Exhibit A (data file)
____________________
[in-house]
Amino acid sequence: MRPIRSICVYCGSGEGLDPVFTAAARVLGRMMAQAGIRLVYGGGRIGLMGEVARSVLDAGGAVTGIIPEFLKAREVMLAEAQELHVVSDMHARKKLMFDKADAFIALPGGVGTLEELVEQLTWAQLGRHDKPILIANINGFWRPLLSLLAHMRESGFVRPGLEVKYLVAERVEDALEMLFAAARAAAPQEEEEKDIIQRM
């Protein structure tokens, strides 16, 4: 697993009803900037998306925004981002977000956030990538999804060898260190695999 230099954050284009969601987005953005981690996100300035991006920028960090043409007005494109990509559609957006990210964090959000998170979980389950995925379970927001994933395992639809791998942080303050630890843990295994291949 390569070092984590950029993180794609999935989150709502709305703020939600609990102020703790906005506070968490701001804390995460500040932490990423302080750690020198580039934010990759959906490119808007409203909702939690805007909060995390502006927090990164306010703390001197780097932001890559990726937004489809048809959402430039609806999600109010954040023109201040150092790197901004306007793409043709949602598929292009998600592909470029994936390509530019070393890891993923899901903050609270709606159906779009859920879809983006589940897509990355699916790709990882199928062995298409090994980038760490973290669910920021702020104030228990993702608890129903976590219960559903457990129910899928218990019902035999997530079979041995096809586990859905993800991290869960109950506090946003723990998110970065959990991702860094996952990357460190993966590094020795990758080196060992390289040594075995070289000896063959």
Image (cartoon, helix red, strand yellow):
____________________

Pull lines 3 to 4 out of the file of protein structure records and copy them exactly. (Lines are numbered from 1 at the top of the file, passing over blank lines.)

């Protein structure tokens, strides 16, 4: 697993009803900037998306925004981002977000956030990538999804060898260190695999 230099954050284009969601987005953005981690996100300035991006920028960090043409007005494109990509559609957006990210964090959000998170979980389950995925379970927001994933395992639809791998942080303050630890843990295994291949 390569070092984590950029993180794609999935989150709502709305703020939600609990102020703790906005506070968490701001804390995460500040932490990423302080750690020198580039934010990759959906490119808007409203909702939690805007909060995390502006927090990164306010703390001197780097932001890559990726937004489809048809959402430039609806999600109010954040023109201040150092790197901004306007793409043709949602598929292009998600592909470029994936390509530019070393890891993923899901903050609270709606159906779009859920879809983006589940897509990355699916790709990882199928062995298409090994980038760490973290669910920021702020104030228990993702608890129903976590219960559903457990129910899928218990019902035999997530079979041995096809586990859905993800991290869960109950506090946003723990998110970065959990991702860094996952990357460190993966590094020795990758080196060992390289040594075995070289000896063959």
Image (cartoon, helix red, strand yellow):